This is a huge WOW! This teacher whom I follow on Twitter (@MrsEvon1) is sharing how her 4th grade students are using their ipads in a 1:1 environment. All throughout the day the technology and creativity is embedded in their learning and in everything that they are doing. It is truly amazing. Just because you might not be using ipads does not mean you cannot do what she, is doing. Many of the apps that she is using are also websites (Haikudeck, Vocabulary and Spelling City, Storyline Online, Kidblog, Quizlet, Wonderopolis; the ones that are not also web-based can easily be found in other tools). 

I especially like the ipad menu of activities that Mrs. Evon is using to keep her students responsible for their learning. 

You know how much I love all things Google. Well, Google has another new add-on which will make using Google forms for sign-ups like appointment times or bake sale donations even better. Now Google has added Choice Eliminator— when a selection is made that should no longer be available, Choice Eliminator gets rid of it. Now you will no longer have 5 people bringing paper plates or signing up for the 4:00 appointment. Yay!

More Google (because we could all use more Google in our life)- this from Kyle Pace in my Feedly (used to be Google Reader but, alas, sadly, that went). Anyway, when you go to Create something in Google Drive, your default choices are Folder, Doc, Sheet, Slides, Drawing, and Form; but if you look closely, you will see at the bottom of that list, “Connect More Apps.” There are many wonderful apps that once connected, can offer you and your students a lot of benefits and assistance. You can find the ones that Kyle B. Pace recommends here. I am a fan of Lucidchart, Pixlr, and Powtoons, but there are really so many options.

This next set of tools are great! I came across Wideo over the weekend, and have had it open in a tab so I could try it out (still open, am going to help my daughter make a math video for her class). Then I saw that Richard Byrne, aka Free Tech 4 Teachers, had a nice post about this and 2 other video creating sites. I have used We Video and found it fairly easy, but I have not tried Magisto (which seems to me to be similar to the easy and simple-to-use Animoto which I and my 5th grade students love). Anyway, you can read here about all 3 sites that will allow you to create your videos in the cloud (aka Web-based) then easily share them or embed them. I would say that in order of ease-of-use you should try Animoto, Magisto, We Video, then Wideo (which makes animated-style videos).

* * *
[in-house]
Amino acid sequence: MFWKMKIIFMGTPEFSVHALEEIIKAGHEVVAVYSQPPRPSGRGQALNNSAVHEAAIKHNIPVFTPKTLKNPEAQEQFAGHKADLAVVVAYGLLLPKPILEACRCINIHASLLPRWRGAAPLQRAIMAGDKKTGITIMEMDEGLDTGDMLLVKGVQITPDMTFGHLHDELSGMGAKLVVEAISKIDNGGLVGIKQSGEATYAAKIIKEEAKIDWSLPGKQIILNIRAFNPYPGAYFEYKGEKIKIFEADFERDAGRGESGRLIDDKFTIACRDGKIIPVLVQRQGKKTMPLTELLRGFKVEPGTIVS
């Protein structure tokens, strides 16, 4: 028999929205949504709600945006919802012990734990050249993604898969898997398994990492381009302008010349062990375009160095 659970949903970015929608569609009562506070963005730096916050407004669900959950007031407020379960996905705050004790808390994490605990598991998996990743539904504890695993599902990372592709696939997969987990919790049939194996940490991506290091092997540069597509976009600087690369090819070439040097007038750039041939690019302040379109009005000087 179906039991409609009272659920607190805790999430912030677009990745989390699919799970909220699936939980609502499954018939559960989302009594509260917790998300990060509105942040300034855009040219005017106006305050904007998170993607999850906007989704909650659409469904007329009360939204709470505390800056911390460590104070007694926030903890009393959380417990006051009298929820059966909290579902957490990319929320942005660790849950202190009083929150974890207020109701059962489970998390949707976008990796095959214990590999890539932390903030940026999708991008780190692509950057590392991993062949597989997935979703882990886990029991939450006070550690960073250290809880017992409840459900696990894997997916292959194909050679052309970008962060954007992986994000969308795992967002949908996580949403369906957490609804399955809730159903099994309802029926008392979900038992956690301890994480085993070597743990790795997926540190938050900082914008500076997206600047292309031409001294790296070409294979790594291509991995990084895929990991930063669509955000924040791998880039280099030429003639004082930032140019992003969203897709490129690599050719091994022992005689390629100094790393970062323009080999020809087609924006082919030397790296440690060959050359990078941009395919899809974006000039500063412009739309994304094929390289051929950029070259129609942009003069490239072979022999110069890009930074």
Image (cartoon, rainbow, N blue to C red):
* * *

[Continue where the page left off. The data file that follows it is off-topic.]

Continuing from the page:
Last, for our folks teaching current events or doing current events with your students, here is Newsela— a site that allows you to search for topics by grade level, reading standard, or quizzed articles. You can sign up and create a classroom for your students and assign them articles, or just make it a job for our student to bring a piece of news to your morning circle. 

Looking for more classroom jobs? Have a class public relations person tweet out what your class is learning. Have an historian of the day find out what happened on this day in history and see that today is not just another ordinary day. I have more ideas but if you have been reading and you got to this point, you can ask me.

Shared in late October with my colleagues